Obamacare and Employment - If you listen to CNBC or read right wing blogs you would think that the Obamacare regulations that require large employers — over 50 full time equivalent employees –to provide their employees insurance or pay a penalty is leading to a massive shifting of employees from full time to part time. CNBC is constantly interviewing business owners who say they are shifting time workers from full time to part time. It makes for a logical argument, but the data does not support it. So far this cycle part time employment is growing slower than full time employment so part time employees share of employment is falling. Part time share of employment seems to be following a normal cyclical development of surging during recession and declining during the recovery. At a minimum this ratio says that shift full time employees to part time employees is not large enough to show up in the the data. Another way to look at the issue is to look at the average workweek. The average workweek is impacted by two types of changes. One, is employment growth in different industries with different work practices. For example, manufacturing uses very little part time labor and the average workweek is actually over 40 hours. While retail has long used part time labor extensively and the average workweek in retail is now only 30.1 hours. If manufacturing employment is growing faster than retail employment the average workweek will tend to lengthen. But it will shorten if retail employment is growing faster than manufacturing employment. What we have this cycle is that employment in these two industries appear to be in balance, and so generating a flat workweek.
STUDY: Very Few Employers Have Actually Cut Workers' Hours Because Of Obamacare - With implementation of the Affordable Care Act inching closer by the day, there’s been a slow but steady stream of employers claiming that the law is forcing them to cut back workers’ hours and rely more heavily on part-time employees. But for all the talk, very few companies have actually cut hours because of Obamacare, according to a new analysis by the Center for Economic and Policy Research (CEPR). Obamacare requires firms that have 50 or more employees to provide a minimum level of health coverage to their full-time workers. Nonetheless, reform critics have latched onto the narrative that the requirement is a job-killer, citing the example of retail and service sector companies like Regal Theaters that are cutting back hours to avoid paying for workers’ health care benefits. The CEPR report shows that to be a minority position among larger employers. Since 30 hours per week is the threshold for employees receiving benefits under the law, researchers expected companies that didn’t want to comply with Obamacare to roll back workers’ hours to just below that threshold. But only about 0.6 percent of the labor force worked between 26 and 29 hours per week in 2013. Since 2012, the number of part-time employees working that range of hours actually stayed statistically the same.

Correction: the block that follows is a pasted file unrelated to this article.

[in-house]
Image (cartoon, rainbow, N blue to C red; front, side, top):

80 Percent Of U.S. Adults Face Near-Poverty, Unemployment: Survey — Four out of 5 U.S. adults struggle with joblessness, near-poverty or reliance on welfare for at least parts of their lives, a sign of deteriorating economic security and an elusive American dream.Survey data exclusive to The Associated Press points to an increasingly globalized U.S. economy, the widening gap between rich and poor, and the loss of good-paying manufacturing jobs as reasons for the trend. . As nonwhites approach a numerical majority in the U.S., one question is how public programs to lift the disadvantaged should be best focused – on the affirmative action that historically has tried to eliminate the racial barriers seen as the major impediment to economic equality, or simply on improving socioeconomic status for all, regardless of race. Hardship is particularly growing among whites, based on several measures. Pessimism among that racial group about their families' economic futures has climbed to the highest point since at least 1987. In the most recent AP-GfK poll, 63 percent of whites called the economy "poor."
80% Of US Adults Are Near Poverty, Rely On Welfare, Or Are Unemployed - Despite consumer confidence at a six-year high, the latest AP survey of the real America shows a stunning four out of five U.S. adults struggle with joblessness, are near poverty, or rely on welfare for at least parts of their lives amid signs of deteriorating economic security and an elusive American dream. Hardship is particularly on the rise among whites, based on several measures. Pessimism among whites about their families' economic futures has climbed to the highest point since at least 1987.